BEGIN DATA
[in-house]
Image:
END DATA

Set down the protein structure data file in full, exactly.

[in-house]
Image: